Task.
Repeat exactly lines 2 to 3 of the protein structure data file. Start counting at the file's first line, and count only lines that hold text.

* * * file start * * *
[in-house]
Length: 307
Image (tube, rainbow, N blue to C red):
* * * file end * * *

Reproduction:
Length: 307
Image (tube, rainbow, N blue to C red):